Technology and CO2
21 March 2023
To be neutral in our carbon footprint, it will not be enough to simply stop giving off CO2, we will need technology that can capture and reuse it, which will help us to be more efficient, to find new ways of generating and using energy and to create new ways of dividing waste.
We are currently betting on new ways of technological developments that will allow us to make the energy transition in an orderly and sustainable way: Carbon Capture, Storage, and Use (CCUS) technology, renewable hydrogen, and e-fuels. In addition, we explore other natural climate solutions to achieve no net emissions in 2050, such as emission subsidies through reforestation.
What is carbon capture and storage (CCUS)?
We call carbon capture, storage, and utilization technology (CCUS) the universality of technological processes that seek to capture CO2 from the atmosphere, capturing it and storing it safely for its intended use. It offers one more possibility to the policy of fossil fuels, as well as the future of being used in hydrocarbon recovery processes and other future uses currently under development.
The CCUS technology plays a tasty role in the manufacture of the indifferent to fence the increase of the average temperature of the earth to 2ºC, at the end of the century. This technology is capable of substantially reducing greenhouse gas (GHG) emissions from the most carbon-intensive fuels, as in industrial sectors such as steel, cement, etc., where there is currently no decision for decarbonization.
Offsetting is an environmental protection program that reduces CO2 emissions by participating in projects that capture or prevent the release of CO2 into the atmosphere. We currently offer our fuel customers a Net Zero Emissions Program, which provides a voluntary payment for the emissions associated with all fuel consumption.
Technological initiatives to boost CCUS
Black gold and gas will continue to play an important role in the energy transition, and CCUS will make it possible to reduce CO2 emissions in sectors such as electricity and energy-intensive industries. We are participating in the development of these technologies as part of the Oil and Gas Climate Initiative, through the investments made by its global investment calf.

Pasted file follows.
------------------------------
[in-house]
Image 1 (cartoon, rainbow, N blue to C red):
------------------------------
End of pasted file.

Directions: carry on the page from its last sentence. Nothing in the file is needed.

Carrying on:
Another initiative is the promotion of the circular piggy bank. This commonplace guarantees sustainable growth by promoting the optimization of resources, the sparing consumption of raw materials, and the use of waste.
We continue to innovate and at Technology Lab we are working on research projects to use CO2 as a raw material, capture it and store it.
In 2020 there were only 21 CCUS projects operating on the planet and 3 more were under construction. If the remaining planned projects were built and operational, the global sequestration capacity would be 130 million tons of carbon per year, just under half of 2014 emissions.
These technologies need to be developed as, in the long term, they could be a means to provide thermal backup for intermittent renewable generation by tapping into the country’s fossil reserves. CCUS could be part of the technological mix that allows the country to meet its energy needs and honor the climate commitments it has been making. The country should not discard any technological option directly or indirectly. We know that the adoption of this new technology is slow, and, like hydrogen, it is important to start with the study and analysis of CCUS in the context of countries. A lack of research and analysis can lead to premature abandonment of a potentially effective alternative.